Do Facts Matter?
But really, it’s not about the scientific evidence that high dietary oxalates lead to poor health outcomes. In the face of the unsettling possibility that a foundational notion is flawed, the resistance is partly emotional self-defense. What would they have to give up? What will they miss out on without blackberries, dark chocolate, and spinach?
Are they up for reevaluating deeply held beliefs? Admitting that they live and perpetuate distorted information? Changing habits? Become cultural misfits? Add a new worry over their children? No Thanks, Mom!!
And as an adult, we’re far more likely to listen to experts and even some guy at the gym than we are to our parents. Perhaps you’d be wise to infect the guy they listen to at the gym with the oxalate-awareness bug. Let him convince your kid to give this a try. His facts are better than your facts (wink).
Eventually, our shared culture and popular collective “wisdom” will shift. In the meantime, accepting new information on oxalates may require uncommon bravery. It’s much easier to imagine that mom is a special case. Her ideas that the children are also at risk can’t be true.
Preserve Your Relationship
Like politics and religion, nutrition is a sensitive topic. A different point of view can spark power struggles in the family. Our listening within a family is mixed up with all the emotional baggage that comes with growing up (disappointments, and some degree of trauma and dysfunction, even in the healthiest of families) and then stepping free as an independent, self-guided adult.
The adult child has an opportunity to process the discomfort and be open to learning. In the long run, it’s a golden opportunity to grow, learn, and foster deeper connections within the family. Openness to new dietary principles and awareness may arise more easily from the fertile ground of relating well and supporting each other.
But all that takes time. It won’t happen on Thursday afternoon, or from reading one article or a web page. It depends on grandmother and adult child forming a mutually respectful learning partnership through which they can navigate what amounts to a societal betrayal by ‘expert sources’, while unlearning and supporting each other in building new wisdom.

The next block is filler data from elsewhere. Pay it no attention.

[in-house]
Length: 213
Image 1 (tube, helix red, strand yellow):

It’s essential for grandparents to approach their family members with empathy, patience, good humor, respect, and technique. Learn to spark interest. Think hard about their values: What might inspire curiosity? For the answer, listen to your inner guidance. Without speeches, speak to those values with simple questions or revelations that can linger in their minds and hearts. Each moment is unique, and openings show up. Stay willing to make connections listen, learn, unlearn, and relearn to enhance the relationship, not tear it down.
Grandmothers can start by sharing their experience, their sense of betrayal by experts, and their guilt for promoting a plant-trusting narrative they now know to be potentially dangerous. We need to console each other over the unbearable shock.
Take the time to nurture a loving understanding of the complex emotions each is experiencing. Let the love be felt. We all want the best for the kids. Sadly, we’re not aware of the profound importance of non-toxic nutrition. The education can be a heavy lift and minds can open slowly.
At stake is more than a concern about defining a healthful diet for the young ones. It’s also an opportunity to strengthen intergenerational bonds, honor the value of relationships, and model invaluable lessons for young ones about navigating sensitive topics, being willing to change our thinking in the face of new evidence, and learning to sustain better life choices.
Patience, open communication, and loving respect for the deep emotions involved (our own as well as our family members’) are the foundation from which new understanding and new practices will emerge. By all means speak your new truth about oxalates: but the goal is not just to “make them believe.” We need to form loving partnerships to support each other in building the best lives possible for ourselves, our children, our grandchildren and extend that into the world.
Let’s Help Each Other
While the food fights rage on, our growing community is learning together. Please share your personal stories of mistakes or success in bringing inter-generational family members onboard.
Many families are reporting both benefits (and dumping) in children who seemed healthy. Here is one example from an Amazon Review:
Many seemingly unrelated ailments can all be from oxalate. I have found great relief in my low oxalate diet endeavor. My husband and children have also experienced oxalate dumping after lowering oxalate. It is not rare! Our modern diet, eating superfoods year round, is affecting kids and adults alike. In summary, do yourself a favor and buy a copy of Toxic Superfoods today. I will be buying copies for my family and friends.”-K.K., Amazon Reviewer
If you have your own thoughts on how to handle this situation, please leave them in the comments on this post.